4BaYwbnQp8Q Allowing your puppy to meet and greet other
dogs, allows your puppy to build up a language of communication with those other dogs. It’s
really important now to not only socialize your puppy with other puppies, but with adult
dogs too. And, again, I do this on the leash. I’m using my dog Sadie here. It’s really interesting,
because when Sadie sniffed just then, she was sniffing were Mojo had toilted. So she
was getting information about him before she even met him. Again, you can see, that they’re
greeting each first by sniffing each other around the face, and then Sadie wanted to
get information about Mojo by sniffing his behind. All the time, these dogs are picking
up information about each other. Mojo is giving Sadie a really nice calming signal, just lying
down, saying “Hey, I’m no threat. Don’t be a threat to me.” Sadie is a real ground sniffer.
She gets a lot of her information about her world by sniffing on the ground around her.
This is especially important if you’ve got a dog that’s nervous of greeting other dogs.
If you just have your dog in an area, sniffing where that other dog that you want it to greet
has been, that means that your dog is already getting information about the other dog that
they’re going to greet. Again, Joyce and I are keeping the leashes very, very relaxed.
I wouldn’t do this kind of greeting with extendable leashes or really, really long leashes — I
think a 4 to 6 foot leash is enough, because you don’t want to get those leashes tangled.
The longer they are the more tangled they’re gonna get. I think we can get to the point
now where we can let them both off. Good. This is nice now, because Sadie is really
investigating Mojo. Now they’re going nose to nose. Mojo is giving submission. This was
really good, because Mojo was going on his back, submitting. But see how he wasn’t being
forced by Sadie. He did it under his own volition, and he did it just to tell her “I’m no threat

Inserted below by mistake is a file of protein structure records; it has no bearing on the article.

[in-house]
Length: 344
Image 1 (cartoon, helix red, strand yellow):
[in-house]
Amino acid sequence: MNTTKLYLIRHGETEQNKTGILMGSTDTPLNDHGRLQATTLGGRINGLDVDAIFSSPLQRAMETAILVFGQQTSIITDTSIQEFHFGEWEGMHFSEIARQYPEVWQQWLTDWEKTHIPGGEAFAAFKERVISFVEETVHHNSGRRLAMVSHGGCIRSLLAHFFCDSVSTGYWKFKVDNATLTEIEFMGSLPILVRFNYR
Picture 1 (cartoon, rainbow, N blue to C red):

to you. Please don’t be a threat to me” by the showing the most vulnerable parts of him,
which is his stomach. And Sadie then sniffed him. She was wanting, again, to get more information
about him. You’ll find that with older dogs, and Sadie’s a pretty old dog, she’s about
11-years-old now, that you’ll find that puppies tend to follow older dogs around. And in a
way it’s nice, because Sadie is a pretty laid back dog, and she’s also giving him signals
and teaching him. So, she’s also telling him that she’s no threat by turning her head away,
averting her eyes, walking away from him. But she’s also allowing him to be close to
her. And you need a good teacher like this. I think it’s really important that puppies
don’t just get to socialize with other puppies, but that they also get to socialize with older
dogs that can teach them lessons. If your dog does not get important socialization,
your dog will never know how to interact appropriately with other dogs. So socialization like this
is so important. If you didn’t do anything else with your dog, socialization is the most
important thing to do, because it sets your puppy up for a lifetime of being able to cope
with other dogs coming into its area, greeting other dogs, hanging out with other dogs, going
to doggy daycare, going on walks with other dogs, having other dogs into their home on
their territory. If you do not socialize a puppy before it’s 16- -weeks-old, in general,
what you’ll have find is that puppy doesn’t learn canine language, and it becomes much
harder for that puppy to be able to greet other dogs. If you can socialize your puppy
to other dogs and other puppies before 16-weeks-old, and that puppy has great experiences, that
is going to be the most important lesson that your puppy can learn. And that’s how you socialize
your puppy, positively. I’m Victoria Stilwell for eHow Pets.